Tien Wahyuni, a researcher from the Indonesian Ministry of Forestry and Environment’s Dipterocarps Research Centre, said that Indonesian mangroves face various threats.

“Mangroves are being converted for shrimp and fish ponds. But there are other threats as well. In urban areas they are destroyed for land reclamation for residential areas,” she said.

She said the new study on mangroves was important. “Mangroves have a lot of biomass because their roots go deep into the ground.”

The Conversation

Prodita Sabarini is Editor at The Conversation.

This article was originally published on The Conversation. Read the original article.

The abstract for the study - The potential of Indonesian mangrove forests for global climate change mitigation - reads in full:

Mangroves provide a wide range of ecosystem services, including nutrient cycling, soil formation, wood production, fish spawning grounds, ecotourism and carbon (C) storage1. High rates of tree and plant growth, coupled with anaerobic, water-logged soils that slow decomposition, result in large long-term C storage. Given their global significance as large sinks of C, preventing mangrove loss would be an effective climate change adaptation and mitigation strategy. It has been reported that C stocks in the Indo-Pacific region contain on average 1,023 MgC ha−1 (ref. 2). Here, we estimate that Indonesian mangrove C stocks are 1,083 ± 378 MgC ha−1. Scaled up to the country-level mangrove extent of 2.9 Mha (ref. 3), Indonesia’s mangroves contained on average 3.14 PgC. In three decades Indonesia has lost 40% of its mangroves4, mainly as a result of aquaculture development5. This has resulted in annual emissions of 0.07–0.21 Pg CO2e. Annual mangrove deforestation in Indonesia is only 6% of its total forest loss6; however, if this were halted, total emissions would be reduced by an amount equal to 10–31% of estimated annual emissions from land-use sectors at present. Conservation of carbon-rich mangroves in the Indonesian archipelago should be a high-priority component of strategies to mitigate climate change.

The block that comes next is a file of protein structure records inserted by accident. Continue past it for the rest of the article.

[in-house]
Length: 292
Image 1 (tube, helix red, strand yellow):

Carbon intensity of Mangrove land use change

You can read an in-depth article at Centre for International Forestry Research (CIFOR) Forestry News blog: Indonesia’s best hope for slowing climate change.

Watch a youtube video of Boone Kauffman from the Center for International Forestry Research (CIFOR) on Climate change implications of land cover change in mangrove ecosystems. Kauffman was one of the co-authors of the above study. After watching this you might not want to eat another prawn cocktail made with shrimp cultivated through aquaculture in Asia in former mangrove forest areas.


  • Daniel Murdiyarso, Joko Purbopuspito, J. Boone Kauffman, Matthew W. Warren, Sigit D. Sasmito, Daniel C. Donato, Solichin Manuri, Haruni Krisnawati, Sartji Taberima and Sofyan Kurnianto, The potential of Indonesian mangrove forests for global climate change mitigation, Nature Climate Change (2015) doi:10.1038/nclimate2734 (abstract)
  • Lead photo: Mangrove at Pulau Dua Natural Reserve (2015) by Aulia Erlangga/ CIFOR on Flickr (CC BY-NC-ND 2.0)

    CIFOR scientists and partners from the Indonesian Ministry of Marine and Fisheries install a sedimentation and carbon stock measurement tool called the Rod Surface Elevation Table Marker Horizon (RSET-MH) in various sites along the Pulau Dua coastline.
  • 2nd photo: Measuring mangroves (2013) by Kate Evans for Center for International Forestry Research (CIFOR)/Flickr (CC BY-NC-ND 2.0)

    Center for International Forestry Research (CIFOR) scientist and researcher measure the diameter of mangrove trees in a study on above-ground and below-ground biomass in mangrove ecosystems, part of Sustainable Wetlands Adaptation and Mitigation Program (SWAMP). Kubu Raya, West Kalimantan, Indonesia.